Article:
Building Character

“Because I gave him my word” was the answer to the question I had just asked.  The question was, “How does he know you will pay him?” It was an interesting conversation, and one that I’ve remembered for almost 50 years.

Even though the word “reputation”was not used, it was the subject of the discussion.  Pop finished the conversation with this statement:  “A man is only as good as his word.”

I posted a comment about reputation to my Facebook page yesterday:  People wouldn’t have to spend so many minutes protecting their reputation, if they would pause for 60 seconds to guard their character.

You can read the character-focused Scripture I’ve provided below in less than 60 seconds:

  • Proverbs 22:1:  “A good name is to be chosen rather than great riches, and favor is better than silver or gold.”
  • Ecclesiastes 7:1:  “A good reputation is more valuable than costly perfume.”
  • Hebrews 11:1-2:  “Now faith means putting our full confidence in the things we hope for, it means being certain of things we cannot see. It was this kind of faith that won their reputation for the saints of old.”

It was Helen Keller who said:  “Character cannot be developed in ease and quiet. Only through experience of trial and suffering can the soul be strengthened, vision cleared, ambition inspired, and success achieved.”

The quote above reminds me of Romans 5:1-5:

Since we have been declared righteous by faith, we have peace with God through our Lord Jesus Christ,  through whom we have also obtained access by faith into this grace in which we stand, and we rejoice in the hope of God’s glory.  Not only this, but we also rejoice in sufferings, knowing that suffering produces endurance,  and endurance, character, and character, hope.  And hope does not disappoint, because the love of God has been poured out in our hearts through the Holy Spirit who was given to us.

Do you see the cause and effect links in the verses above?  “Suffering produces endurance,  and endurance, character, and character, hope.”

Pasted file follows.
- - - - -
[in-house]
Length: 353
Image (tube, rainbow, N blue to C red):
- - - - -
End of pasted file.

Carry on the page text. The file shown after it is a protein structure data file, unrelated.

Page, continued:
Character_Building (1)
I’m not sure that Paul would agree with Calvin’s dad, but you may have the opportunity to build some character with snow in the forecast for this weekend.

Like A Satin White Snowflake

sad-snowmanWhen I walk down the street or press my way through a busy mall, it seems people are as adrift as a satin white snowflake that’s blown by a fierce wind.  They participate in a vigorous celebration of an annual winter holiday that is a time of jubilation, but they have never experienced that infusion of joy that Peter described as being “unspeakable and full of glory (I Peter 1:8).”

Paul wanted the saints at Ephesus to embrace a joy-filled relationship with Christ, so he prayed for them to “have strength to comprehend with all the saints what is the breadth and length and height and depth, and to know the love of Christ that surpasses knowledge, that you may be filled with all the fullness of God” (Ephesians 3:18-19).

The joy and fullness of Christ is the essence of the incarnation, and as John said:  “The Word became flesh and dwelt among us, and we beheld His glory, the glory as of the only begotten of the Father, full of grace and truth . . . and of His fullness we have all received, and grace for grace (John 1:14, 16).

When I observe people today, I wonder if their holiday happenings are a celebration of this grace and truth or an aberration of its substance.

When you look at the faces and into the eyes of the people you meet on the street:  What do you see?  Is it a lighthearted twinkle or a heavyhearted wrinkle?   Is it the glad refrain of the fullness of Christ or is it the sad disdain of the world’s dullness?

What’s the difference between the two?  Isn’t the incarnation the demarcation of wholeness and hole-ness?  Christmas is a contrast between the love of God and the lack of the world. Paul captured this in his letter to the Colossians:

  • In him the whole fullness of deity dwells bodily (Colossians 2:9).
  • In him all the fullness of God was pleased to dwell (Colossians 1:19).
  • In him are hidden all the treasures of wisdom and knowledge (Colossians 2:3).

The joy, peace, and fullness that you hunger for will never be found in a neatly wrapped package beneath a tree:  It is only found in the baby who was born on Christmas day.